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Shedding light on the hunt for deer antlers

Deer seasons are currently closed in the Empire State. However, nothing is stopping you from pursuing another popular pastime – chasing the antlers that adorn the heads of whitetail bucks each summer and fall. It’s a great way to continue the hunt … looking for the antlers once they’ve fallen off or “shed.”

Yes, the antlers fall off every year, only to grow back, a process repeated process annually. Antlers on whitetail bucks are the fastest-growing bone material in the world, blossoming to racks of up to 200 inches or more for special mature animals. Starting some time the end of March or beginning of April, the antlers will begin the growing process through a circular spot on the skull called the pedicle. The main part of antler development will take it into August, roughly four months of growth.

As the antlers grow they are soft to the touch. The velvet on the outside supplies the blood that carries the nutrients and oxygen that allows the bone to develop. It can grow as much as a half-inch in a day.

As the amount of daylight diminishes and the antlers start to harden late summer, the velvet on the outside of the antlers will start to come off, with the help of some rubbing by the buck against small trees and brush – buck rubs. Things will start to intensify internally for the bucks as they prepare for the annual rut – breeding time for the deer every fall. After the rut is over, the drop in testosterone causes the antlers to drop off. It could be in December or it could be in March. Every animal is different.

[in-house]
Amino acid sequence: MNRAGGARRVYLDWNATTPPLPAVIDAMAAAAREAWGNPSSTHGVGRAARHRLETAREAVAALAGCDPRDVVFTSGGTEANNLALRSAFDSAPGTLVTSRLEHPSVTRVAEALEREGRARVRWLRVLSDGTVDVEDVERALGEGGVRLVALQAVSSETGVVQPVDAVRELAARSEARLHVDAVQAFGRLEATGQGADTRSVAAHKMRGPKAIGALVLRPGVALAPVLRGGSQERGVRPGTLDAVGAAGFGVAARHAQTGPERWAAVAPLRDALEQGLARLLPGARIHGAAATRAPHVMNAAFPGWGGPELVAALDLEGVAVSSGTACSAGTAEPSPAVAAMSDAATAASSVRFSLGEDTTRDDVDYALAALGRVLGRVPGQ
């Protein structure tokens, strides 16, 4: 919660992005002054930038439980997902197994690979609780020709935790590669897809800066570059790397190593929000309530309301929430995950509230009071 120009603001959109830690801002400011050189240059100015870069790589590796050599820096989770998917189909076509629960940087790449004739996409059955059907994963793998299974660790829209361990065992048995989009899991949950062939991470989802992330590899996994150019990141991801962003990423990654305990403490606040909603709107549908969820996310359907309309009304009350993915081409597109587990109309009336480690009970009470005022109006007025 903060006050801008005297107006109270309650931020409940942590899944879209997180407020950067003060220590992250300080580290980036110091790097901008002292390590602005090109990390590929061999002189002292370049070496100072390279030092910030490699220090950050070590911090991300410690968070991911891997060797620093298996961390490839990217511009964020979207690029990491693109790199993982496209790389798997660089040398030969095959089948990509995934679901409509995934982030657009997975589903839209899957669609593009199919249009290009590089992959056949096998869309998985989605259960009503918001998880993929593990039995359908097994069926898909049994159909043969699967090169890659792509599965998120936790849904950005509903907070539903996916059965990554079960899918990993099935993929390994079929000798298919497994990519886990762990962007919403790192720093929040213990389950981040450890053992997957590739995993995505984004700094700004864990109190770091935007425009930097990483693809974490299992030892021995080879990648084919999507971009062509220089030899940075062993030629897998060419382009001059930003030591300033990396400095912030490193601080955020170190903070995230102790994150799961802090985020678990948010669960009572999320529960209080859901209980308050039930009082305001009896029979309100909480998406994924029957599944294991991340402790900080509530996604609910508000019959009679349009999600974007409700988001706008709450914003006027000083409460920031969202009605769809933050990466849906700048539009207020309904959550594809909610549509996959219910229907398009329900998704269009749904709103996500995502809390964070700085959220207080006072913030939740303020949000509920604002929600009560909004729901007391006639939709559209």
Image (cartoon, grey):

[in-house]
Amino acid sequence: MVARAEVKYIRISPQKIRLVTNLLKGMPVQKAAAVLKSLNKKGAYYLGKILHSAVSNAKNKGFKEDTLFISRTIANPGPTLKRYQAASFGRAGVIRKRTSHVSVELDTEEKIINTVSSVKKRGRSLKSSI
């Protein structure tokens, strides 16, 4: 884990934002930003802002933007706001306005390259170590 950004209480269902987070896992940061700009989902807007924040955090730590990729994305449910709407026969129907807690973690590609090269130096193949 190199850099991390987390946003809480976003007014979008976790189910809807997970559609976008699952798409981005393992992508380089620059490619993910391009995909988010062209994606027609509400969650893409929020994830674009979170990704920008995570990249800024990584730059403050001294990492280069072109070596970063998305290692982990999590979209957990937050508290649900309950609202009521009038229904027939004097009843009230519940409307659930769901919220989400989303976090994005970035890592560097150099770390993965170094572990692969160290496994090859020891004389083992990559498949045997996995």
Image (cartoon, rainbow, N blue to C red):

Just like the regular season hunting pursuit every fall, though, there are tips and precautions that you should take into consideration before you start tramping through the fields and forests seeking a bony treasure that could lead to further rewards.

Arnie Jonathan of Lockport finds a shed on the ground walking along a stream.

“I look forward to antler shed hunting every year,” said Arnie Jonathan of AJ’s Guide Service out of Lockport. “It creates a certain level of excitement and accomplishment when you find a set of antlers or even a small spike.”

With the current age of technology at our finger tips, Jonathan takes full advantage of equipment like trail cameras. “They are a great way to monitor animal movement in certain areas even after the season is over. They even have them so that you can monitor by phone or computer. I physically must pull the memory card from the camera to see what I have. I can see when a buck drops his head gear. It also lets me know that a particular buck has made it through the season if it’s an area you hunt regularly. And if those deer still have antlers, I’m not going to be exploring early and take the chance of pushing that deer into another area.”